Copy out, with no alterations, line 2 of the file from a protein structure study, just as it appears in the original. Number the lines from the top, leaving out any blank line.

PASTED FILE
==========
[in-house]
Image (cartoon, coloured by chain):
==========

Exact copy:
Image (cartoon, coloured by chain):